Already in uncharted territory, House Republicans are navigating even more surprise waves as they race to select a replacement for former Speaker Kevin McCarthy (R-Calif.) next week.
The normally internal, relationship-based process is getting a swath of outside attention — a reality that is not sitting well with many in the House GOP.
Plans for a televised Fox News forum with the candidates were quickly scrapped after backlash.
And former President Trump has weighed in with a preferred pick, after showing openness to being a Speaker candidate himself and sources saying he considered showing up at the Capitol for the Republican nominating contest.
It has the potential to be the most competitive race for a party’s top spot that the House seen in decades — a dynamic that members must grapple with on a severely condensed timeline, with a looming shutdown deadline exerting pressure to quickly elect a Speaker that can restore normal business of the House.
One of the few other times the House faced a mid-session Speaker change was in 2015, when around a month passed between Speaker John Boehner (R-Ohio) announcing his resignation and the House GOP’s internal nominating contest. Now, members have just more than a week between McCarthy’s ouster and their internal nominating contest set for Wednesday.
“What we’re seeing is a very accelerated process,” said Matthew Green, professor of politics at Catholic University and coauthor of “Choosing the Leader: Leadership Elections in the U.S. House of Representatives.”
“It’s like, super speed,” he continued.
Two powerhouses in the GOP conference — House Majority Leader Steve Scalise (R-La.) and House Judiciary Committee Chairman Jim Jordan (R-Ohio) — are jockeying for the top spot in the chamber, reaching out to different coalitions within the party to secure support for the gavel. Rep. Kevin Hern (R-Okla.), the chairman of the Republican Study Committee, is also mulling a run for Speaker.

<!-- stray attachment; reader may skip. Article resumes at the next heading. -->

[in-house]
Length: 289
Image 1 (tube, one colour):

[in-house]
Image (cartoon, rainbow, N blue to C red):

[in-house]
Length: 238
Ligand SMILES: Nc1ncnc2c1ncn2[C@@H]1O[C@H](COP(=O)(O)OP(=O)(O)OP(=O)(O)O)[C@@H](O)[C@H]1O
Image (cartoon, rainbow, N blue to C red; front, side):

All three contenders bring a different flair to the table.
Scalise is a leadership veteran, having served in the highest echelons of the House since 2014; Jordan is the founding chairman of the influential conservative House Freedom Caucus and holds the gavel for the powerful House Judiciary Committee; and Hern, a newcomer relative to the other two, leads the largest GOP group in the chamber.
“I will say I’m impressed with the number of endorsements these candidates have gotten so quickly,” Green said of Scalise and Jordan. “I call them both serious competitors. The problem, though, is that if you have leadership ambitions, you really kind of have to start like years in advance.”
The competitiveness of — and widespread interest in — the race was on full display Thursday morning, when news broke that Fox News would hold a televised forum with the three contenders. Such an event would be highly unusual, given that leadership elections are normally hashed out hidden from the public eye.
But those plans quickly fell apart as some lawmakers spoke out against the idea. Rep. Carlos A. Gimenez (R-Fla.) called the event “unproductive.”
A Jordan spokesman said that he would prefer the candidates speak to the GOP conference before the televised event, CNN first reported.